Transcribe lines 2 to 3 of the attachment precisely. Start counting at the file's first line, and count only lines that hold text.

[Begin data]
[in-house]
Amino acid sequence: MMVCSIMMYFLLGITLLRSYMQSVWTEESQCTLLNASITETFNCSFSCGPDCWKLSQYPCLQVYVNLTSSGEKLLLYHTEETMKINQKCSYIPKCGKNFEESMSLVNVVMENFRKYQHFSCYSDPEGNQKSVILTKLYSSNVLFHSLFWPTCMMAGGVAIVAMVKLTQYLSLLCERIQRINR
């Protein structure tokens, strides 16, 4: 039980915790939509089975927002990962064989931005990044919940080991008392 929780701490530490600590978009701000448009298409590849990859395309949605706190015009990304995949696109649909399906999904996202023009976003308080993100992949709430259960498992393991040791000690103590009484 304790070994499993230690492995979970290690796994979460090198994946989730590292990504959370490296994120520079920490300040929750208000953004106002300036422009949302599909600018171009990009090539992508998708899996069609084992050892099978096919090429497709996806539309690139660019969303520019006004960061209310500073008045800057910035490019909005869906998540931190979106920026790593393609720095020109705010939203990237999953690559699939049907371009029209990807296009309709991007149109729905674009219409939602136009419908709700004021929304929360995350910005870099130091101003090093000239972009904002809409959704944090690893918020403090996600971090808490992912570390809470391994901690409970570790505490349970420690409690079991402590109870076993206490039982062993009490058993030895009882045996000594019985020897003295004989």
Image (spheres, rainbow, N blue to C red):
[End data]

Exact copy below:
Amino acid sequence: MMVCSIMMYFLLGITLLRSYMQSVWTEESQCTLLNASITETFNCSFSCGPDCWKLSQYPCLQVYVNLTSSGEKLLLYHTEETMKINQKCSYIPKCGKNFEESMSLVNVVMENFRKYQHFSCYSDPEGNQKSVILTKLYSSNVLFHSLFWPTCMMAGGVAIVAMVKLTQYLSLLCERIQRINR
């Protein structure tokens, strides 16, 4: 039980915790939509089975927002990962064989931005990044919940080991008392 929780701490530490600590978009701000448009298409590849990859395309949605706190015009990304995949696109649909399906999904996202023009976003308080993100992949709430259960498992393991040791000690103590009484 304790070994499993230690492995979970290690796994979460090198994946989730590292990504959370490296994120520079920490300040929750208000953004106002300036422009949302599909600018171009990009090539992508998708899996069609084992050892099978096919090429497709996806539309690139660019969303520019006004960061209310500073008045800057910035490019909005869906998540931190979106920026790593393609720095020109705010939203990237999953690559699939049907371009029209990807296009309709991007149109729905674009219409939602136009419908709700004021929304929360995350910005870099130091101003090093000239972009904002809409959704944090690893918020403090996600971090808490992912570390809470391994901690409970570790505490349970420690409690079991402590109870076993206490039982062993009490058993030895009882045996000594019985020897003295004989």